While the entire world might be going Guardians Of The Galaxy crazy, there is one person who isn’t smiling. It seems comic book creator Steve Englehart is not happy with the way his character, Mantis, was portrayed in Volume 2. Here we take a look at some of the changes James Gunn made to the characters – The Guardians Of The Galaxy in the comic books versus the movies.
“Well, I was not happy with Mantis’ portrayal. That character has nothing to do with Mantis. I will say that I liked the film quite a bit overall, they’re doing good stuff and I enjoyed my night at the movies so long as I turned my brain off to the fact that that’s not Mantis up there. I really don’t know why you would take a character who is as distinctive as Mantis is and do a completely different character and still call her Mantis. That I do not know,” Mantis creator Steve Englehart commented in a recent interview.
While it is common knowledge has taken some liberties with the characters, it seems there are a few people who prefer the unaltered comic book versions of the characters.
It seems that the comic book version of Star-Lord isn’t such a big music fan. He didn’t raid ancient planets while listening to Redbone and David Bowie. Quill is also not supposed to be the only human on screen, however, Gunn changed this to make his character more relatable to the audience. He also has a different father, who he knows. In Guardians of the Galaxy #0.1 (2013) by Brian Bendis and Steve McNiven, it was revealed that Peter Quill was the son of an Earth woman and J’Son, King of Spartax. After a brief relationship with Quill’s mom, J’Son returned to the stars. Star-Lord refuses to join his father’s side as the prince of Spartax. His helmet also looks scarier in the comics.
While Drax might appear to be one of the funniest characters in the film, in the comics he has a very different personality – he is far more serious. He first appeared in “Iron Man” #55 (1973) by Mike Friedrich and Jim Starlin as the father of a family that was killed by Thanos. His original name was Arthur Douglas, a saxophone-playing real estate agent. In the comics, Drax isn’t so alien. In fact, he is said to have a soul with an Earthly origin. He also has been shown to have healing abilities.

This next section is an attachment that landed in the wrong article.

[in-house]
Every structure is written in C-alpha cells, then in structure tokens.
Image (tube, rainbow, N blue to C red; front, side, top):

While Rocket’s character stays fairly true to the current comic book version (as a loudmouth with a bad temper), he is completely aware that he is a genetically enhanced racoon. Rocket’s ignorance of the word racoon is something added to the film. He also started out as one of several animals who were caretakers of a galactic insane asylum and went by the nickname “Rocky”.
First appearing in “Avengers” #257 (1985) by Roger Stern and John Buscema, Nebula isn’t really Thanos’ daughter, although she pretends to be. When Thanos found out he uses the Infinity Gauntlet to punish her. Other than that, she is very similar to her comic book character.
In the comics, Yondu, who was once apart of the Avengers and a leader of the original Guardians of the Galaxy, has a much larger mohawk (similar to the one seen in Volume 2). Also, he is a regular hero and not an anti-hero.
Originally appearing as a villain in “Tales to Astonish” #13 (1960) by Stan Lee and Jack Kirby, Groot was a very different character to the one you see on screen. The comic book version of the character was far more sinister. At the start of his 2006 reboot, Groot could speak normally. It wasn’t until later that he started only saying “I am Groot”. In the comics, Baby Groot looks less than a child and more like a miniature version of adult Groot.
Steve Englehart co-created Mantis with artist Don Heck in 1973’s Avengers No. 112. That version of the character was a human, a member of the Avengers, who would later ascend to cosmic awareness and become the “Celestial Madonna,” the mother of a child who was prophesied to be “the most important being in the universe.” She is very different to the Mantis shown in the movie.
In the comics, Gamora and Iron Man have a brief and steamy relationship. It doesn’t go so well. She “hurts” him. She also has lighter green skin (almost pale) in the comics and wears less clothing.
Kraglin is probably the most different. Kraglin, a purple fur alien, was part of the A-Chiltarians who tried to invade Earth. The comic book version and the film version look nothing alike.
Personally, I think they all work great on screen. Sometimes changing the source material can actually make it more awesome.